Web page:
Bengaluru catching up with new agritech

Agriculture Bangalore Technology

Urbanites adopting suistainable farming thanks to hydroponics

The trend of hydroponics is taking off as agri-preneurs transform urban spaces into vertical farms that require no soil and use less water in Bengaluru. 

The science of soil-less gardening is called hydroponics. It involves growing healthy plants without the use of traditional soil but by using mineral rich water solution instead. This method uses 75 percent less water than traditional farming.  

Sunil Jose, Managing Partner, Hydrobloom, a start-up that promotes sustainable green progress said, since last year, hydroponic farming has become a highly refined art in terms of producers. “We have had large companies step in and lend a hand in this particular field that has grown between 80-300 percent as per each city’s demand generation.”  

The founder of Clover Ventures, a greenhouse agri-tech company, Santosh Narasipura works with 60 small-scale farmers spread across approximately 70 acres around Bengaluru and Hyderabad.

Research shows, in 2018 hydroponic farming in India accounted for  $2,624.26 and is expected to grow at a compound annual growth rate (CAGR) of 13.53 percent by 2027.

 In a study by V. Chandrashekaran, the founder of a hydroponic technology company, soil-based lettuce production was 9 to 10 tons a year compared with hydroponic lettuce production of 300 to 400 tons a year.

Sunil said that if one acre of land produces 15-30 tonnes of tomatoes, then hydroponically 600 tonnes can be grown on the same area. He also said that hydroponic is often confused with organic farming. While soil has many unknown components, such as artificial fertilizer, synthetic chemicals etc., with hydroponics that is not the case, “we know precisely what we are growing.”

Tushar Agarwal, founder of Risehydro, said that hydroponics success rate for his company grew by 50 percent since the pandemic. Currently, an additional 25000 customers are learning about hydroponics compared to the last two years, which was 5000.

“One of the major factors driving the demand is that people are switching from soil to a more sustainable form of farming. This is because plants grown hydroponically grow faster and are healthier than those planted in soil, since they are provided nutrients directly through water, rather than through soil,” he added.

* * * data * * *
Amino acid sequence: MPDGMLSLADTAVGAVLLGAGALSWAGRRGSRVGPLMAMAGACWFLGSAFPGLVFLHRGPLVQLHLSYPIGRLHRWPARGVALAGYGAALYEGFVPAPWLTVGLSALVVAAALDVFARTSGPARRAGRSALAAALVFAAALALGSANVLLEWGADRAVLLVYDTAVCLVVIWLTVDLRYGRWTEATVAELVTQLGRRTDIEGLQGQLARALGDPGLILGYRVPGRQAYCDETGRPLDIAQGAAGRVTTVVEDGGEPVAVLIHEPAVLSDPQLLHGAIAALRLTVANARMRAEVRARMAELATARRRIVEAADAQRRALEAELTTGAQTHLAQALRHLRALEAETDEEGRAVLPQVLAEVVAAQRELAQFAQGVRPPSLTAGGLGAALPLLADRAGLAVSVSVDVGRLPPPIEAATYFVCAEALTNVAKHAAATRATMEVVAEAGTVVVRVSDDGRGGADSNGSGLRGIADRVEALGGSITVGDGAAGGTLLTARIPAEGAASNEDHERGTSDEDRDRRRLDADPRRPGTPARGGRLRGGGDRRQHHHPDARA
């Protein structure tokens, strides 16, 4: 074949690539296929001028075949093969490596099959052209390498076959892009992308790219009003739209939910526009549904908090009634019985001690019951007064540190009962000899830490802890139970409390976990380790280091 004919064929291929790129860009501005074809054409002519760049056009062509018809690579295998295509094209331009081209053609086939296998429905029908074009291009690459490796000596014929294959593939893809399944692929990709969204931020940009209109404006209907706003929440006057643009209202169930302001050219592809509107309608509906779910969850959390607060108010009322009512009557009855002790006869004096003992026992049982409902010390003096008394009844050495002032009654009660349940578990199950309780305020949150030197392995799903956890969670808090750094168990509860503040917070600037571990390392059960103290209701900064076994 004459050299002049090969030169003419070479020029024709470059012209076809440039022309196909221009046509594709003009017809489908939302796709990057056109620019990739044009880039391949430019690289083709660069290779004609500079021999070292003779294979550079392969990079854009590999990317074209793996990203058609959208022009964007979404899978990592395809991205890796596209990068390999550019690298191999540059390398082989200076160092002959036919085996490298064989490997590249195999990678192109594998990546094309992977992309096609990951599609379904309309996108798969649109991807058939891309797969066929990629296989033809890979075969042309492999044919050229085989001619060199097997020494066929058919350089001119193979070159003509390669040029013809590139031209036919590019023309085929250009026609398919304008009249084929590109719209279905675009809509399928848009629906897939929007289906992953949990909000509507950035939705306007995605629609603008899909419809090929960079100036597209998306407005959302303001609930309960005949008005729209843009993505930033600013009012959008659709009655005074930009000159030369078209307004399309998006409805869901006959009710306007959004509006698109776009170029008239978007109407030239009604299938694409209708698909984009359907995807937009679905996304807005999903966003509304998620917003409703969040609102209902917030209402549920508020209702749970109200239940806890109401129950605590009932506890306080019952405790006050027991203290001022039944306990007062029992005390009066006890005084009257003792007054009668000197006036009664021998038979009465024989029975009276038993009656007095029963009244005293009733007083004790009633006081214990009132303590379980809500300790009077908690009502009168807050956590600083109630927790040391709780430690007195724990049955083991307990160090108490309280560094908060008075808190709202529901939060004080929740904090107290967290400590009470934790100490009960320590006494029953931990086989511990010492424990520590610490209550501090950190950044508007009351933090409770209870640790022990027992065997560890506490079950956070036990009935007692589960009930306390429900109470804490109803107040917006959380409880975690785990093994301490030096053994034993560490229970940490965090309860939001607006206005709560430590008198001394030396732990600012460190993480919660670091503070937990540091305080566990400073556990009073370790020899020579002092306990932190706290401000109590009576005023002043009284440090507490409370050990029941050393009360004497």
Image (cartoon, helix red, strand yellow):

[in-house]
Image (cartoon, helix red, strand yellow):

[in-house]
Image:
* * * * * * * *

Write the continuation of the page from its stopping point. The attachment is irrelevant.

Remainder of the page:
Amandeep, one of the hydroponics users, said, “I had no idea about hydroponics.” However, after attending online training classes held by various start-ups, I now have my own hydroponic system. 

 “There is a directive to prepare a plan on introducing the hydroponics method of cultivation. The state government has decided on the distribution of kits and tools for the trainees attending hydroponics classes. There is also a plan to popularise this method of cultivation among people who have private gardens as well as those living in apartments” Dhanraj, an official of the horticulture department said.

Ameya  Warde, a customer said, “I had ordered 48 planters with Nutrient Film Technique (NFT). With the addition on of ideal nutrients I was able to grow leafy greens, keeping them under ideal climate level helped to reduce production time and increased the quality of crop.”

  • Hydroponic Farming


M N Thimmegowda, Associate Professor, University of Agricultural Sciences, said that hydroponics is indeed a major attraction for city farmers. This is especially true of those who are keen to produce pesticide free vegetables, and those who are targeting commercial markets.

But, hydroponics are not cheap and has other issues like leaks and waterborne diseases.

Thimmegowda said, 50 percent subsidy in certain schemes has been allotted but the number of subsidies has been limited from the last two years because of the financial crisis in the state.

Likewise, Sunil added that, the initial  investment is on the higher side, where minimum acre of land would cost around Rs. 2-2.5 crore,  which is not economical for majority of the farmers in our country

Future of Hydroponics

“Hydroponics is a technical reality,” Sunil said, adding that they are working on real-time forecasts of higher yields based on data collections of producers.

Hydroponics and controlled environment agriculture practices have provided economic benefits to many communities all over the world. With land shortages, “we should push for more sustainable farming. Complete automation where the water will pump exactly how many the roots require and filter hole process and new innovations increase the aim of promoting hydroponics, he added.